There is a television show on ABC where a professor takes five students under the wing. The teacher is charismatic, unconventional and named Professor Keating. The plot quickly differs from that of the earlier Professor John Keating in Dead Poets Society, except for one thing: both of them get away with murder. Their command of the classroom kills student participation.

Large, empty classroom

The show portrays Professor Annalise Keating teaching in a large-enrollment classroom, where she typically strides into the room exactly when the class session begins. And then, the fictional professor begins doing something familiar: she begins to murder student participation. What does she do?

  • Demands immediate answers while calling upon students
  • Makes dismissive comments to uncertain replies
  • Gives no notes
  • Never repeats important points
  • Begins the term with a high-stakes process whereby five students are chosen to be almost exclusively called upon for the remainder of the term

Creating a classroom atmosphere of over-participation by the professor and only a few students kills engagement by the other students in the room. The show illustrates how a lack of pedagogical self-consciousness on the professor’s part leads to the same for the over-participating students, who are then expected to answer all the questions on the part of the other students in the room. Scenarios like these play out in both face-to-face and online courses.

Television shows tend to shape not only public perceptions of higher education but also how we professors slip into pedagogical somnambulism. How do we avoid parroting the commanding, charismatic paradigm? Surely this is not the alternative to the boring professor (such as Ben Stein [I stand corrected!] in Ferris Bueller’s Day Off)? Or, more to the point, how do we keep student participation alive in our classrooms?

Incentives to participate can take several forms other than grades. Lolita Paff, an economics professor at Penn State Berks, has some concrete suggestions as well as some in-depth reflections on student participation. Here are some of her suggestions:

Create a climate of participation by using strategies such as

  • Stating your expectations. Class norm statements stated in-class, on the syllabus and online.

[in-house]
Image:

• Obtaining student feedback about participation norms. Hack the test feature on BlackBoard Learn to obtain student’s input and create a list or a graphic representation (e.g., a word cloud).

Physician, heal thyself! Be self-conscious about your participation.

  • Take stock of how you behave around in-class and online. Are you over-participating?
  • Do your open-ended questions pose too much difficulty? Do you find yourself, as a result, having to “save” the class from the questions?
  • Do you reflect on your questions and class sessions to consider whether someone other than yourself can clearly see where you are taking the topic?
  • Do you actively redirect attention from yourself towards others in the classroom? Are they the same students each time?

Make use of technology in the classroom and online.

  • Hack the Blackboard test feature to set up no-stakes true/false quizzes that ask students to take positions on (controversial?) topics related to the course topics.
  • Guide students to complete their Blackboard profiles, and then design an activity that uses these profiles to pair up. Consider asking students to not upload images of themselves. Instead, have them use images that symbolize something relevant to themselves or the course.
  • Create a forum where students post images, rather than text, for their replies.
  • Post images and ask students to explore the possible metaphors that explain them.
  • Use a talking stick of some kind, virtual or actual.
  • If you use discussion forums and use a rubric, then ensure your rubric is like a tweet. Seriously, use 140 characters as your goal.
  • Go beyond forums and in-class discussions by using tools to emphasize students’ voices. Just google these options: Animoto and VoiceThread. You will get the idea.

Nathan Loewen is an Assistant Professor in the Department of Religious Studies and Faculty Technology Liaison for the College of Arts & Sciences.
Photo by Alissa Ann Smith / Flickr Creative Commons